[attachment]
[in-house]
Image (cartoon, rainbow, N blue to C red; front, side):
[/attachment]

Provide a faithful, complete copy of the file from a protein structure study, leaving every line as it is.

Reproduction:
[in-house]
Image (cartoon, rainbow, N blue to C red; front, side):